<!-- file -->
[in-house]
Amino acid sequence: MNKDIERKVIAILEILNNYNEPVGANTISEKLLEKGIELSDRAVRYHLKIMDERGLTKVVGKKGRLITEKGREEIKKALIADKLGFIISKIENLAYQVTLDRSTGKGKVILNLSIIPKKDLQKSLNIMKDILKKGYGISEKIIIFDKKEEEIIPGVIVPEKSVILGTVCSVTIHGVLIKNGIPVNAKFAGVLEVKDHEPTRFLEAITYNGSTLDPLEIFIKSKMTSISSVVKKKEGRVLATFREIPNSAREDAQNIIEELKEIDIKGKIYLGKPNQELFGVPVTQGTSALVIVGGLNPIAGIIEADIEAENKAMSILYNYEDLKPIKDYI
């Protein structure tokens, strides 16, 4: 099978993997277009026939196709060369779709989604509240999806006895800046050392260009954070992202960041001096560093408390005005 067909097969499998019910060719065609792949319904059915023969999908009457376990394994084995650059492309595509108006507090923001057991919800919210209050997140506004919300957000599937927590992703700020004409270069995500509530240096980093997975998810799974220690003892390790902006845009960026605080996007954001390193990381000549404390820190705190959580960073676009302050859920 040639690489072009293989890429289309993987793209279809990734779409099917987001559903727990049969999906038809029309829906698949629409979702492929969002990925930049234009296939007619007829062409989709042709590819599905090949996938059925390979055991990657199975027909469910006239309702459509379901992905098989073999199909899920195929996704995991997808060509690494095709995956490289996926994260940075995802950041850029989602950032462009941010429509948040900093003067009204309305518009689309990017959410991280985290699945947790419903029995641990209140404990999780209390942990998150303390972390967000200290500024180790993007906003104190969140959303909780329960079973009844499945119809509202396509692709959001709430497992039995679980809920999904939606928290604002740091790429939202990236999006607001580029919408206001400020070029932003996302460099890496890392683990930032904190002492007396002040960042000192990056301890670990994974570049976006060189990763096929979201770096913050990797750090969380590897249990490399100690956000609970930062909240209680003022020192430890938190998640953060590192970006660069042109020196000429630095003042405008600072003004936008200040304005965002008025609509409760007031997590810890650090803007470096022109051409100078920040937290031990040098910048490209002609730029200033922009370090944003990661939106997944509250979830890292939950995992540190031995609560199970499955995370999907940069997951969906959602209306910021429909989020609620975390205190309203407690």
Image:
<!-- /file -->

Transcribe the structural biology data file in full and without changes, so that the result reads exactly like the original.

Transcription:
[in-house]
Amino acid sequence: MNKDIERKVIAILEILNNYNEPVGANTISEKLLEKGIELSDRAVRYHLKIMDERGLTKVVGKKGRLITEKGREEIKKALIADKLGFIISKIENLAYQVTLDRSTGKGKVILNLSIIPKKDLQKSLNIMKDILKKGYGISEKIIIFDKKEEEIIPGVIVPEKSVILGTVCSVTIHGVLIKNGIPVNAKFAGVLEVKDHEPTRFLEAITYNGSTLDPLEIFIKSKMTSISSVVKKKEGRVLATFREIPNSAREDAQNIIEELKEIDIKGKIYLGKPNQELFGVPVTQGTSALVIVGGLNPIAGIIEADIEAENKAMSILYNYEDLKPIKDYI
């Protein structure tokens, strides 16, 4: 099978993997277009026939196709060369779709989604509240999806006895800046050392260009954070992202960041001096560093408390005005 067909097969499998019910060719065609792949319904059915023969999908009457376990394994084995650059492309595509108006507090923001057991919800919210209050997140506004919300957000599937927590992703700020004409270069995500509530240096980093997975998810799974220690003892390790902006845009960026605080996007954001390193990381000549404390820190705190959580960073676009302050859920 040639690489072009293989890429289309993987793209279809990734779409099917987001559903727990049969999906038809029309829906698949629409979702492929969002990925930049234009296939007619007829062409989709042709590819599905090949996938059925390979055991990657199975027909469910006239309702459509379901992905098989073999199909899920195929996704995991997808060509690494095709995956490289996926994260940075995802950041850029989602950032462009941010429509948040900093003067009204309305518009689309990017959410991280985290699945947790419903029995641990209140404990999780209390942990998150303390972390967000200290500024180790993007906003104190969140959303909780329960079973009844499945119809509202396509692709959001709430497992039995679980809920999904939606928290604002740091790429939202990236999006607001580029919408206001400020070029932003996302460099890496890392683990930032904190002492007396002040960042000192990056301890670990994974570049976006060189990763096929979201770096913050990797750090969380590897249990490399100690956000609970930062909240209680003022020192430890938190998640953060590192970006660069042109020196000429630095003042405008600072003004936008200040304005965002008025609509409760007031997590810890650090803007470096022109051409100078920040937290031990040098910048490209002609730029200033922009370090944003990661939106997944509250979830890292939950995992540190031995609560199970499955995370999907940069997951969906959602209306910021429909989020609620975390205190309203407690």
Image: